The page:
Yet Another Orange Wine Blog

Do you remember when every other blog seemed to concern the irresistible rise of orange wines?  Orange was – for a time – the only colour. It dominated discourse. I was invited on many a panel to discuss the phenomenon, peel back the mystery (see what I did there) and wrote copious pithy (see what I did there) articles on the subject. The wines made from the skin-contact process were veritably the flag bearers for the natural wine movement. They were out there. ‘Grammable to the nth degree. Vive the orange/amber revolution!

As the category of “o” wines shifted from solely inhabiting the wilder frontiers of east London to becoming more of a mainstream constant, we stopped thinking of them as these weird-and-somewhat-hipster-exclusive wines that we would have to explain why-they-were until we were all orange in the face. Hell, even supermarkets were getting their oenologists’ claws into producing the orange stuff. And I’m not talking Tango here. Or maybe I am. A facsimile, maybe, but imitation is the sincerest… When Simon Woolf wrote his excellent book about the history and culture of the wines as well as the craftiest exponents of the craft, orange wines were firmly on the Here Be Treasure map. Documentaries ensued. More growers took up the cudgels. Georgian wines were on everyone’s lips – and on everyone’s lips. You would think there was not much to say.

©The Morning Claret & Simon J Woolf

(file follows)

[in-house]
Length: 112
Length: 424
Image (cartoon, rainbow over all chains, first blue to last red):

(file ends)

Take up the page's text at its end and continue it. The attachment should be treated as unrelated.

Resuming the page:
Wheels ain’t wheels though unless they are turning. For some reason best known to journalists, a new glut of articles has appeared recently in various publications talking about orange wines in a faux-naif way, as if they had just appeared on the scene. Usually, this signifies that a major player (a supermarket or brand) is toying with the wine category and marketing the product through press releases. Or maybe wine stories are like the 17-year life cycle of the North American cicada; they all hatch together at the same time and their time has come.

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A little context. Undoubtedly, we drink with our eyes. But our brain, full of received wine wisdom, conditions our responses. In our ternary world of white, red and rosé, the thunderous arrival of a fourth colour, once upon a time, upset the proverbial (orange) cart. Most consumers, even people in the trade, weren’t sure what the wines were about. Other than they were “the other.” The colour itself seemed wrong, neither fitting into the white nor the red universe. The aromas were all wrong. And the flavours were not on the classic taste spectrum.  In the world of easy pop music wine, amber wines were Stockhausen syndrome incarnate!

To make subjects easier to understand, we tend to come up with broad simplifications that don’t do justice to the subject in question but allow us to communicate what we think are basic truths. It is not a bad thing, however, to be perplexed or surprised by a wine. As one vigneron remarked: “We need to be more colour blind in our assessments. The wine is more than the colour, or the idea of the colour. It is the feeling of what is in the glass.”

A paler shade of orange